EIA: China's Refineries Processed More Crude Oil than the U.S. in 2020

U.S. Energy Information Administration (EIA), March 29, 2021

In April 2020, more crude oil was being refined in China's refineries than in U.S. refineries for the first month on record, and the trend continued for all remaining months in 2020 except for July and August. China processed more crude oil than the United States, not only because of the unique effects of COVID-19 pandemic-related restrictions in 2020, but also because of differences in the longer-term structural refining trends between the two countries.

China’s National Bureau of Statistics only reports the country’s processing volume of crude oil. The most direct comparison to the United States is refiner net inputs of crude oil. U.S. refiners also report total gross inputs into distillation units, which include non-crude liquids such as lease condensate and unfinished oils, making gross inputs about 0.5 million barrels per day (b/d) larger than net crude oil inputs. China’s crude oil processing also exceeded U.S. gross inputs in both May and October 2020.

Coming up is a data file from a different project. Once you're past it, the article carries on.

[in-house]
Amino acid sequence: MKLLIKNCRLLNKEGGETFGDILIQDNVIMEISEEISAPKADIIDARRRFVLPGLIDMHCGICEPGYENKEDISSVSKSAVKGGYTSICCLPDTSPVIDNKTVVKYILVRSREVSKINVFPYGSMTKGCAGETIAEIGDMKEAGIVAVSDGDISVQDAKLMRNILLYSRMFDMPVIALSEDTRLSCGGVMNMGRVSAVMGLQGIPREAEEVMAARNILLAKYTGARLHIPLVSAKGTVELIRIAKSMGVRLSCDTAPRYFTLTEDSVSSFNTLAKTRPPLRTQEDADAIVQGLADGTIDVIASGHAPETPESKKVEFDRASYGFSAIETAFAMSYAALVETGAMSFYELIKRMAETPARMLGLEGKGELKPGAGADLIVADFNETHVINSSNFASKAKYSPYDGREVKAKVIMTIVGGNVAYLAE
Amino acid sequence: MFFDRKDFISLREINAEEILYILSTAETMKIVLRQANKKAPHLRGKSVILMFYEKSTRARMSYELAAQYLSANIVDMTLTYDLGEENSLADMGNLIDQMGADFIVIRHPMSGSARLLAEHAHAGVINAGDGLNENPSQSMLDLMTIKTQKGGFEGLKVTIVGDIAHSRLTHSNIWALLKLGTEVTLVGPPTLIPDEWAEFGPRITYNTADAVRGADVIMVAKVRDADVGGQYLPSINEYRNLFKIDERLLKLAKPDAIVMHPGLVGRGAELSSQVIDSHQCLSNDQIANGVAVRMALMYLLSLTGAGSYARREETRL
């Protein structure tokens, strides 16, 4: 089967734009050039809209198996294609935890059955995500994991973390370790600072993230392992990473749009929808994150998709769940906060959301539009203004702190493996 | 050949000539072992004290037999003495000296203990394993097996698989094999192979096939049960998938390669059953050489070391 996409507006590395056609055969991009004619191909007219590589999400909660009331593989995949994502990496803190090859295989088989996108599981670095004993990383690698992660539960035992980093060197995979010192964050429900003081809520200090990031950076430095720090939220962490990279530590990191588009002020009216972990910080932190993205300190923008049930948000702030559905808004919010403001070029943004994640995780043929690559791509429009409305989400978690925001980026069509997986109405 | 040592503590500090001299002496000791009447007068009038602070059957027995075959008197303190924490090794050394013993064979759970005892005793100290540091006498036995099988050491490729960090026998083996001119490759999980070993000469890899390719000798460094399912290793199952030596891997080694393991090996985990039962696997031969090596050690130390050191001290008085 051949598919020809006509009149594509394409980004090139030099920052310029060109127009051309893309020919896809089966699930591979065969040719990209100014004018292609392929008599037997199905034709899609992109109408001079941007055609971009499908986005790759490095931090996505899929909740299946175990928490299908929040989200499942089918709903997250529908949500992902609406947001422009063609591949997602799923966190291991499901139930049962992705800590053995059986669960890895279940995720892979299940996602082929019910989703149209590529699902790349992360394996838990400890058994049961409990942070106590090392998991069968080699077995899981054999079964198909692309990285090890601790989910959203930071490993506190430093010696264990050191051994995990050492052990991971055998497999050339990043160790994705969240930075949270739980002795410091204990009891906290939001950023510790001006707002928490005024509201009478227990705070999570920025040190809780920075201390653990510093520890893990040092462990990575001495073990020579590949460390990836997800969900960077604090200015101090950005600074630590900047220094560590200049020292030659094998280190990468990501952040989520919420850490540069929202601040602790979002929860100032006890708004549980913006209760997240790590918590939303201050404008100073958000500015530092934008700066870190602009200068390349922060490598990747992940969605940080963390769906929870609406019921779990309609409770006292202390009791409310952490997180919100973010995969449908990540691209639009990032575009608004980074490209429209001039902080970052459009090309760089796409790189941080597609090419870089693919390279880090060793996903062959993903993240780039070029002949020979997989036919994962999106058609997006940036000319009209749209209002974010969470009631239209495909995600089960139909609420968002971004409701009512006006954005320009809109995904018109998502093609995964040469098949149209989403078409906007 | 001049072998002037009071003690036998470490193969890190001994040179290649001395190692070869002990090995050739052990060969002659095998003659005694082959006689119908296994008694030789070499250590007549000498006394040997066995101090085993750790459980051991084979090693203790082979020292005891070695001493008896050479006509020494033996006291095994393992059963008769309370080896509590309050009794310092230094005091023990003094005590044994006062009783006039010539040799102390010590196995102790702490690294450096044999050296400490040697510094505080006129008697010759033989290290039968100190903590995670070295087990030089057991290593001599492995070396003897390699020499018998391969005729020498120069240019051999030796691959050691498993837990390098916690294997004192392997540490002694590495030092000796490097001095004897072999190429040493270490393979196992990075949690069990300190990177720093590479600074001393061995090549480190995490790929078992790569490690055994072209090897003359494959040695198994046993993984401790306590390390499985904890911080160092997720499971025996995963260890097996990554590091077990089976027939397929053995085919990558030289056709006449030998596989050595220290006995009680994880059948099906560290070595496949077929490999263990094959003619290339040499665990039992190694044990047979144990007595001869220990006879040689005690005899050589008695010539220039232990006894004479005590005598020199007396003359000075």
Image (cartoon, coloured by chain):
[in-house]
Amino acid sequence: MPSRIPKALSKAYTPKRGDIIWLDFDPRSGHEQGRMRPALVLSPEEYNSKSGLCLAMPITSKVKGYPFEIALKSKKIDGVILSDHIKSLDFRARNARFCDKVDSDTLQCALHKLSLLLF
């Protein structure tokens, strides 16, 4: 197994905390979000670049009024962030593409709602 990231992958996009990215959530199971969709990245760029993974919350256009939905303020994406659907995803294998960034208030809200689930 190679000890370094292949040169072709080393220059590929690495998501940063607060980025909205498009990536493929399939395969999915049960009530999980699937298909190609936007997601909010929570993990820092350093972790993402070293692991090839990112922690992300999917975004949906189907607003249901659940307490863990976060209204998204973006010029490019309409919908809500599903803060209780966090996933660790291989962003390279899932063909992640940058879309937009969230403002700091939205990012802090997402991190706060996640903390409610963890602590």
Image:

April 2020 was the first full month for the United States in which responses to the COVID-19 pandemic reduced demand for petroleum products such as gasoline, distillate, and jet fuel. Although net inputs of crude oil to U.S. refiners had seen record declines in April, China’s crude oil processing began increasing above previous levels following a demand increase when COVID-19 cases declined in that country.

China’s refinery runs also started to rise in April 2020 partially because China implemented a policy in 2016 that encourages refiners to refine more petroleum products by fixing product prices at $40 when the Brent crude oil price falls to less than $40 per barrel (b). The Brent crude oil price fell and remained less than $40/b between March and May 2020.

While China processed a record 14.1 million b/d of crude oil in June and further rose to 14.5 million b/d in November, U.S. refinery runs have not yet returned to their March 2020 levels because of a combination of demand reductions and hurricanes in the fall that disrupted refinery processes. Hurricanes Laura and Sally in late August and September, respectively, and Hurricanes Delta and Zeta in October resulted in refinery shut-ins on the Gulf Coast, where more than half of U.S. refining capacity is located. Although some refineries came back online in late 2020, U.S. refinery runs remained lower than historical averages in 2020.

For more information about these trends, visit

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